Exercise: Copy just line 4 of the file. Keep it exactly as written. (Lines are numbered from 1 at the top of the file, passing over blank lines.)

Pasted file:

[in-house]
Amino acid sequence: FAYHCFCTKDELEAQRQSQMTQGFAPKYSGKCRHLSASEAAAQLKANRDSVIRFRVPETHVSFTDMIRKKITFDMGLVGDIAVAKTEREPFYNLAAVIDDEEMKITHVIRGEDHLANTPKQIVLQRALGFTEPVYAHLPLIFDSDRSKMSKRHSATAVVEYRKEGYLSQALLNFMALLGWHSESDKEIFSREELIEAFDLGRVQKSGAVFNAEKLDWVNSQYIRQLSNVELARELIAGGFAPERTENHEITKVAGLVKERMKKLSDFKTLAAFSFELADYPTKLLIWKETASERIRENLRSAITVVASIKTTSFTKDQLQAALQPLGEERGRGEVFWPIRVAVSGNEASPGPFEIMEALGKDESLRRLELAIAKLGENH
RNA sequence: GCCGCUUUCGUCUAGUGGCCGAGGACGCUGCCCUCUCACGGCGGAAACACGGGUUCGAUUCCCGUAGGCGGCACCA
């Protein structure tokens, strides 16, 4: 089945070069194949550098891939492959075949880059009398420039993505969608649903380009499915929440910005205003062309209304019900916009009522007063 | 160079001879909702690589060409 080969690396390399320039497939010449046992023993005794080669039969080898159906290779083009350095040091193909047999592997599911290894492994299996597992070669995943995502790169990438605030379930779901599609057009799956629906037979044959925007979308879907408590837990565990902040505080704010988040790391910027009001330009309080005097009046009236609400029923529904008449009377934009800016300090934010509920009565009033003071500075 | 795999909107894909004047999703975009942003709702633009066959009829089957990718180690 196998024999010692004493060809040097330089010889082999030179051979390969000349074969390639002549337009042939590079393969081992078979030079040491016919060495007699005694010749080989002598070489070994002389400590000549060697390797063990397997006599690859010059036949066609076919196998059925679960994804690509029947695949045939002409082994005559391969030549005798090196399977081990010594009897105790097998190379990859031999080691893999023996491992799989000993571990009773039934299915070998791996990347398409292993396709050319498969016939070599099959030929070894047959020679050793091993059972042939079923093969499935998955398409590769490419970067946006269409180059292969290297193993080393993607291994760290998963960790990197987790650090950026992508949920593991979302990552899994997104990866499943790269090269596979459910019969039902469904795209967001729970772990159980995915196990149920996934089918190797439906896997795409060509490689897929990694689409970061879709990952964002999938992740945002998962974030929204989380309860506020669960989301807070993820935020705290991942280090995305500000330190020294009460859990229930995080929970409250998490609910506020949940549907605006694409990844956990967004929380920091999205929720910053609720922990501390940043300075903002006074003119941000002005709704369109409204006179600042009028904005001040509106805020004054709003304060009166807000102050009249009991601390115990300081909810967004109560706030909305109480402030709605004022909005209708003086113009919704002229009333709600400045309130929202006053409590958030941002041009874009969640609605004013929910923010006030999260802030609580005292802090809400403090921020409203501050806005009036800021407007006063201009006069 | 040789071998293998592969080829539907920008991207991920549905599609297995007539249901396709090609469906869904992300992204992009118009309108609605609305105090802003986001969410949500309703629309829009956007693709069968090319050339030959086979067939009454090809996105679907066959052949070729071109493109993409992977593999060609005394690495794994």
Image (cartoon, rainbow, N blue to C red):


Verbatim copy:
């Protein structure tokens, strides 16, 4: 089945070069194949550098891939492959075949880059009398420039993505969608649903380009499915929440910005205003062309209304019900916009009522007063 | 160079001879909702690589060409 080969690396390399320039497939010449046992023993005794080669039969080898159906290779083009350095040091193909047999592997599911290894492994299996597992070669995943995502790169990438605030379930779901599609057009799956629906037979044959925007979308879907408590837990565990902040505080704010988040790391910027009001330009309080005097009046009236609400029923529904008449009377934009800016300090934010509920009565009033003071500075 | 795999909107894909004047999703975009942003709702633009066959009829089957990718180690 196998024999010692004493060809040097330089010889082999030179051979390969000349074969390639002549337009042939590079393969081992078979030079040491016919060495007699005694010749080989002598070489070994002389400590000549060697390797063990397997006599690859010059036949066609076919196998059925679960994804690509029947695949045939002409082994005559391969030549005798090196399977081990010594009897105790097998190379990859031999080691893999023996491992799989000993571990009773039934299915070998791996990347398409292993396709050319498969016939070599099959030929070894047959020679050793091993059972042939079923093969499935998955398409590769490419970067946006269409180059292969290297193993080393993607291994760290998963960790990197987790650090950026992508949920593991979302990552899994997104990866499943790269090269596979459910019969039902469904795209967001729970772990159980995915196990149920996934089918190797439906896997795409060509490689897929990694689409970061879709990952964002999938992740945002998962974030929204989380309860506020669960989301807070993820935020705290991942280090995305500000330190020294009460859990229930995080929970409250998490609910506020949940549907605006694409990844956990967004929380920091999205929720910053609720922990501390940043300075903002006074003119941000002005709704369109409204006179600042009028904005001040509106805020004054709003304060009166807000102050009249009991601390115990300081909810967004109560706030909305109480402030709605004022909005209708003086113009919704002229009333709600400045309130929202006053409590958030941002041009874009969640609605004013929910923010006030999260802030609580005292802090809400403090921020409203501050806005009036800021407007006063201009006069 | 040789071998293998592969080829539907920008991207991920549905599609297995007539249901396709090609469906869904992300992204992009118009309108609605609305105090802003986001969410949500309703629309829009956007693709069968090319050339030959086979067939009454090809996105679907066959052949070729071109493109993409992977593999060609005394690495794994």